It’s no so much doing risky things by disregarding their skill, but by ignoring the options they have (see the ultra that can go through fireballs example)


#16

Pretty much Etiquette. Don’t flaunt around or mash SRK, Doing that pretty much says “I dont regard you or think you can beat me, so I’m going to dick around” It costs games. Just play to win every time and know what your opponent can do, Don’t take into account skill level, just dont do it.


#17

I wouldn’t say never do it. In my experience theres a time and a place to be disrespectful to your opponent. Against certain players it can provoke them into doing very risky things too.


#18

Respect is acknowledging your opponents skill and toolset so you you don’t do things that they could punish with those skills or toolset.
Disrespect is the opposite, i.e. doing things that you shouldn’t do because you SHOULD be punished, but you believe your opponent won’t due to you being in there head, or just not thinking they are a good player.

Knowing when to be respectful or not is the best skill to have. There IS a time for respect and there IS a time for disrespect, depending on your opponent. Anyone who says don’t do ‘disrespectful’ or to the guy above me ‘things without etiquette’ is 99% of the time not good at fighting games in general.


#19

Let’s say you’re fighting a Ryu.

You’re giving too much respect for doing the following:
[LIST]
[]never jumping over their fireballs
[
]never trying to mix them up on wake up in fear of getting hit by SRK
[]not trying to play footsies with Ryu because he’s really good at it
[
]not trying to reversal against Ryu because his DP can beat yours
[]not using best possible punish combos possible because you fear of messing up and getting SRK’d
[
]not teching grabs because you respect DP FADC Ultra too much
[/LIST]
Basically you’re assuming your opponent is going guess right, or play flawlessly without knowing. Giving “the benefit of the doubt” to your opponent and second guessing yourself is a common thing. Download then apply.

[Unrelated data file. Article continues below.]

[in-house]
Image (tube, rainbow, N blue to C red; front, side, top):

Giving too little respect is the opposite
[LIST]
[]always jumping in or over fireballs (maybe because no anti air or , not using a good anti air and want to challenge them)
[
]always going for that mix up on wake up
[]Trying to out play a character in their own field (Dan trying to /succeeding in out zoning a Ryu)
[
]Instead of going for a practical max damage combo you use a combo that’s scaled as hell, because you know you’ll win anyway. (look at Marn’s Dudley)
[*]This last one is common. Stand grabbing people out of blockstrings, or tick throwing because they never tech/crouch tech
[/LIST]

Hope this helped.


#20

I hate to nitpick here, but sayin “you’re giving too much respect” implies that all those things are bad ideas, which you can’t just generalize to any Ryu player. Sometimes its a good idea to not play to your opponents strengths, and not playing footsies against Ryu is a good example of that. I’ll agree that all those things show lots of fear of the Ryu player though, and fear rarely makes you a stronger player.